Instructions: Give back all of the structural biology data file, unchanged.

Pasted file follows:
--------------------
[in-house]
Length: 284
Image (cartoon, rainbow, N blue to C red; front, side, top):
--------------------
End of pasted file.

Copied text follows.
[in-house]
Length: 284
Image (cartoon, rainbow, N blue to C red; front, side, top):